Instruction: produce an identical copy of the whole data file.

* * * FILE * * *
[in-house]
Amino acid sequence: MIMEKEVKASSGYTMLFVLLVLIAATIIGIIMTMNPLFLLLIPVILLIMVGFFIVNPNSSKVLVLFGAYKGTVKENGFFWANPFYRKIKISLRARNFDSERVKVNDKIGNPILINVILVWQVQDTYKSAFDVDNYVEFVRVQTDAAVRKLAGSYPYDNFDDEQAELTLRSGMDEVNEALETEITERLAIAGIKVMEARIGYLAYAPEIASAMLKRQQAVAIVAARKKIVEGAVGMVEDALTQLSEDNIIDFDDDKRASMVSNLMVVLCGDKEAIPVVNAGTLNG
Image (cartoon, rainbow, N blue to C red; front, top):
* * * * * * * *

[in-house]
Amino acid sequence: MIMEKEVKASSGYTMLFVLLVLIAATIIGIIMTMNPLFLLLIPVILLIMVGFFIVNPNSSKVLVLFGAYKGTVKENGFFWANPFYRKIKISLRARNFDSERVKVNDKIGNPILINVILVWQVQDTYKSAFDVDNYVEFVRVQTDAAVRKLAGSYPYDNFDDEQAELTLRSGMDEVNEALETEITERLAIAGIKVMEARIGYLAYAPEIASAMLKRQQAVAIVAARKKIVEGAVGMVEDALTQLSEDNIIDFDDDKRASMVSNLMVVLCGDKEAIPVVNAGTLNG
Image (cartoon, rainbow, N blue to C red; front, top):